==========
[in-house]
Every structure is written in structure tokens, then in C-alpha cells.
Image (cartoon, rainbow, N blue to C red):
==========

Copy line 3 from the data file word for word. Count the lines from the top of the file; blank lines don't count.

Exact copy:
Image (cartoon, rainbow, N blue to C red):